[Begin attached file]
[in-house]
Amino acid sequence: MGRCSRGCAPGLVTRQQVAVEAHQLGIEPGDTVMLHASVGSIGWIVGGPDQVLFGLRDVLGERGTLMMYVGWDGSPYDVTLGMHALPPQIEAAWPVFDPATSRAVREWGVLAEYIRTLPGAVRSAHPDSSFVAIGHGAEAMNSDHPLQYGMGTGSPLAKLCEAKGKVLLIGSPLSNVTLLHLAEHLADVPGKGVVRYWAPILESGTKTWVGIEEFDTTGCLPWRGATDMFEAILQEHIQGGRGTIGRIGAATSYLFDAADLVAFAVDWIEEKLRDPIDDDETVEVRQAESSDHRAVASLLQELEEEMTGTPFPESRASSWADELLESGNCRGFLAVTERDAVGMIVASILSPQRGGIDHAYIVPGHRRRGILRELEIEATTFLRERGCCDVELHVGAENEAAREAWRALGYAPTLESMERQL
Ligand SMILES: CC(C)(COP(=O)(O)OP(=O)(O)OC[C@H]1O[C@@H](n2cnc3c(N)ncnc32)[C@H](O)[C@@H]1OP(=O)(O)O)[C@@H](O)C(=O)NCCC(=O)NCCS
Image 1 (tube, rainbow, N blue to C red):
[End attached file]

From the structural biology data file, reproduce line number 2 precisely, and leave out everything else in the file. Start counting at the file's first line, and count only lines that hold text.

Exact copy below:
Amino acid sequence: MGRCSRGCAPGLVTRQQVAVEAHQLGIEPGDTVMLHASVGSIGWIVGGPDQVLFGLRDVLGERGTLMMYVGWDGSPYDVTLGMHALPPQIEAAWPVFDPATSRAVREWGVLAEYIRTLPGAVRSAHPDSSFVAIGHGAEAMNSDHPLQYGMGTGSPLAKLCEAKGKVLLIGSPLSNVTLLHLAEHLADVPGKGVVRYWAPILESGTKTWVGIEEFDTTGCLPWRGATDMFEAILQEHIQGGRGTIGRIGAATSYLFDAADLVAFAVDWIEEKLRDPIDDDETVEVRQAESSDHRAVASLLQELEEEMTGTPFPESRASSWADELLESGNCRGFLAVTERDAVGMIVASILSPQRGGIDHAYIVPGHRRRGILRELEIEATTFLRERGCCDVELHVGAENEAAREAWRALGYAPTLESMERQL